Buffalo Bill Cody riding through downtown Los Angeles. Albert Einstein posing with Charlie Chaplin. A Magic Kingdom rising from the orange groves of Anaheim. These are a few of the rare scenes found in the Watson Family Photographic Archive, a treasure trove of historical photos compiled by four generations of Watson family news photographers.
The story of the Watson family begins with an Eastman Kodak camera that used 4x5 inch glass plates and a U.S. Army photography manual. Sometime before 1901, when Salvation Army missionaries James and Amy Watson relocated to Southern California, James taught himself to shoot photos -- a skill the family still practices professionally today, four generations later.
But before they became a family of photographers the Watsons were a fixture in Los Angeles' young, booming motion picture industry. In 1911 James Watson's son Coy and his wife Golda made the rustic Los Angeles suburb of Edendale their home. The following year, Mack Sennett's Keystone studios moved into an abandoned grocery store two blocks down, and soon Coy began loaning his horses to the nearby film productions, often appearing himself as a rider in costume. He later worked with props and special effects, engineering the famous magic carpet scene in Douglas Fairbanks' 1924 film, "The Thief of Baghdad."
Meanwhile, Coy Watson's nine children -- six boys and three girls -- followed their father into the movies. At first, producers in need of a young actor approached Watson, knowing of his large family. He'd then select the appropriate child based on the age and gender called for by the role. Later, Watson became a full-time manager for his children as the demand for child actors grew. One of his sons, Delmar, appeared in more than 300 films, including "Heidi," in which he shared the screen with Shirley Temple. Another son, Bobs, starred as Pee Wee in "Boys Town" with Mickey Rooney and Spencer Tracy. Daughter Vivian made her big screen debut in a William Selig picture when she was only six weeks old. In all, the Watsons appeared in more than 1,000 films.
Though as children they earned fame for the work in front of the camera, five of Coy's six sons -- Coy Jr., Harry, Billy, Delmar, and Garry -- established their adult careers behind it. The other son, Bobs, remained an actor into his middle age before becoming a Methodist minister, but he, too, dabbled in news photography. The Watson brothers' inspiration: their uncle George.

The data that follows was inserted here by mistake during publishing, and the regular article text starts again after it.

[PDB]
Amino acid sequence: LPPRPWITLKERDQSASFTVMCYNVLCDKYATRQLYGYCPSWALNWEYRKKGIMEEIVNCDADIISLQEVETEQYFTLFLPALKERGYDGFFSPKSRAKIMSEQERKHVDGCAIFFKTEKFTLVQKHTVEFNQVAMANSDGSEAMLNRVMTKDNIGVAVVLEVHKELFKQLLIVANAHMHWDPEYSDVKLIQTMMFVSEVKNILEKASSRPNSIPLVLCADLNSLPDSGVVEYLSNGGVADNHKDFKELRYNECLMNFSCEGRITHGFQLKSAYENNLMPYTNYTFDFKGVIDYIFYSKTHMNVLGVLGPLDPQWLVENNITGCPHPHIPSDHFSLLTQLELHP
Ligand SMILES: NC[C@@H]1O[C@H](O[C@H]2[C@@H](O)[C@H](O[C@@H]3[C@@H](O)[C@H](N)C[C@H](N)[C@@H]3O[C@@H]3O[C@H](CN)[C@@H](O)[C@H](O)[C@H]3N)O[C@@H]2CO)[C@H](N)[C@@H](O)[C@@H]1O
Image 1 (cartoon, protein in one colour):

George Watson became the Los Angeles Times' first full-time staff photographer in 1917. Two years later, he climbed into a biplane with a World War I fighter pilot and took the first news photographs (and perhaps the first photographs, period) of Los Angeles from an airplane.
Like their uncle, the Watson brothers began shooting photos of Los Angeles for local newspapers, including the Times, Daily News, and Mirror. Some carried the family legacy into a new medium with the rise of television news in the 1950s. The Watsons captured a city of movie stars, sports heroes, and industrial triumphs -- and of murders, kidnappings, and corruption. Through their lenses the Watsons saw farmland give way to suburbs and watched freeways split communities. The third generation of Watson photographers hung up their cameras long ago, but a representative of the fourth, Daniel Watson, continues the tradition as a photographer for the Santa Clarita Valley Signal.
Founded by Delmar Watson in 1967, the Watson Family Photographic Archive has preserved the combined output of the Watson family photographers -- roughly one million prints and negatives in all. The breadth of its coverage and the uniqueness of its images make the Watson Family Photographic Archive an indispensable visual record of 20th-century Los Angeles. Since Delmar Watson's death in 2008, his wife Antoinette Watson and his nephew Daniel have continued the work of sorting through and organizing the massive collection. They make new discoveries all the time.